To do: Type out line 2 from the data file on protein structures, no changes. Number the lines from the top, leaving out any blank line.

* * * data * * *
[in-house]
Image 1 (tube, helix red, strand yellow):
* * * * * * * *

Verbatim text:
Image 1 (tube, helix red, strand yellow):